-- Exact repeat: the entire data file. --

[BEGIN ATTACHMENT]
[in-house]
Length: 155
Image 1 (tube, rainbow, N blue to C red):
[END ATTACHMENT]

[in-house]
Length: 155
Image 1 (tube, rainbow, N blue to C red):